The Academy program was initiated in 2011 with our first cohort of students who became the college graduating class of 2019.

Our first anecdotal college outcome stat far outpaced the current reality that less than 3% of foster youth obtain a college degree. Of our 2011 initial cohort, at least 14% received bachelor's degrees, with additional students obtaining associate degrees and vocational certificates. In 2018 we began an alumni program that better tracks these outcomes.

How we listen

SOURCE: Self-reported by organization

Seeking feedback from people served makes programs more responsive and effective. Here’s how this organization is listening.

done We shared information about our current feedback practices.
  • How is your organization collecting feedback from the people you serve?

    Electronic surveys (by email, tablet, etc.), Case management notes, Community meetings/Town halls, Constituent (client or resident, etc.) advisory committees,

  • How is your organization using feedback from the people you serve?

    To identify bright spots and enhance positive service experiences, To make fundamental changes to our programs and/or operations, To inform the development of new programs/projects, To identify where we are less inclusive or equitable across demographic groups, To strengthen relationships with the people we serve,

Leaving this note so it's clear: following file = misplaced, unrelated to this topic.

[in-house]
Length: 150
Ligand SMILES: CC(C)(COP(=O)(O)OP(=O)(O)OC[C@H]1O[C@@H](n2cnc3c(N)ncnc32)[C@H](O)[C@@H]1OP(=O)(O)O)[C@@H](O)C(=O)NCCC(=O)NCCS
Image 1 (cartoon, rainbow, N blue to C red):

• What significant change resulted from feedback?

    We have initiated The First Star Scholars Advisory Council (SAC), comprised of foster youth representing First Star Academies from across the country. SAC gives scholars the opportunity to be engaged in program development, social justice and freely share their ideas and opinions.

  • With whom is the organization sharing feedback?

    Our staff, Our board, Our funders, Our community partners,

  • Which of the following feedback practices does your organization routinely carry out?

  • What challenges does the organization face when collecting feedback?

    We don't have any major challenges to collecting feedback,

Financials

FIRST STAR INC
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Operations

The people, governance practices, and partners that make the organization tick.

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Connect with nonprofit leaders